Talk With Your Partner(s)

Saying you need to use safer sex practices can be just as matter-of-fact as saying you love kissing, or that nipple-play doesn’t do anything for you so can we please do something else thankyouverymuch. You can let your potential partner know that using barriers, such as dental dams, is important to you or that you prefer to avoid some activities because the risk level feels too high for you - just as a general policy and not as a judgment of them or their health. However, if they don’t want to practice safer sex with you, that’s their choice. Then you and your partner(s) get to choose whether sex just doesn’t happen for you (yeah, that part can really put the damper on an otherwise fabulous date), or you can decide to do things everyone enjoys and that carry less - or no - STI-transmission risk. That might mean things like mutual masturbation, dirty or flirty talk, BDSM activities that don’t involve fluids, massage, and/or anything else you can think of.

It can be helpful to remember, and to remind a partner, that recognizing that someone might have an STI, or knowing that they do, doesn’t make anyone wrong, bad, dirty, or any of the other unpleasant things you may have heard about STIs. It makes them human. Humans can get sick, whether through sexual means or not.

Depending on your comfort level, you might only want to have certain kinds of sex with people after you’ve seen their STI test results. Even if your, and their, results are negative, you’ll want to continue using barriers until both (or all) partners have had at least two rounds of tests come back negative and you both (or all) have agreed that you’re in a monogamous relationship.

Have Fun, Use Barriers!

Barriers, barriers, barriers. Use dental dams for oral sex, gloves for manual (with hands and fingers) sex, and condoms to keep toys clean. Barriers keep your fluids from mingling with your partner’s and reduce the risks of skin-to-skin STI transfer. Contact with another person’s blood can be especially risky health-wise, so barriers are especially important if anyone involved in the sex is having their menstrual period. (Find out why condoms and sex toys make such a great combination in Put a Condom On It (Your Sex Toy).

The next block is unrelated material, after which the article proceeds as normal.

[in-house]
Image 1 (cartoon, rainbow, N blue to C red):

Gloves protect the wearer and the person whose vagina or anus the giver's fingers or hands are on or in. Gloves keep rough nails from scratching delicate vulvar or anal tissues, which can hurt when torn and increase risk for infection transmission. They also protect the wearer’s hands from vaginal or anal secretions, which can enter the bloodstream through cracked cuticles or open cuts.

If you have long nails, gloves with cotton balls stuffed into the fingertips can prevent uncomfortable abrasions during manual sex.

Keeping sex toys clean is very important and can be done by washing the toy(s) with soap and water. If they do not have a built-in vibrator, you may also be able to sterilize them in a pot of boiling water between uses. (Always check the manufacturer's instructions for cleaning first!) In addition to these processes, using condoms can easily simplify the cleaning process and is useful when a toy cannot be sterilized. (To learn more, read Keeping It Clean: Top Tips for Sex Toy Sanitation.)

Using condoms is also helpful when one toy is to be used with multiple partners or when the toy will be going from the anus to the vagina, as this will help decrease the risk of urinary tract and yeast infections.

Condoms, dental dams and gloves are available in both latex and non-latex materials. For gloves, it is important to ensure that you are not purchasing and using ones that are powdered. For condoms, ensure that you are not using condoms that have a spermicidal lubricant, as this lubricant contains Nonoxynol-9, which is a compound that can irritate the vaginal walls, thus making you and/or your partner(s) more susceptible to infections or irritation.

To learn more (pretty much anything you’d want to know, actually) about barriers and how to use them, take a look at this handy-dandy guide from Scarleteen.

A Final Thought

Having safer sex doesn’t make you boring, stodgy, or unsexy. And it doesn’t have to impact your sense of fun, romance, or spontaneity. Safer sex simply makes you a responsible and caring partner to yourself and to those you want to have sex with.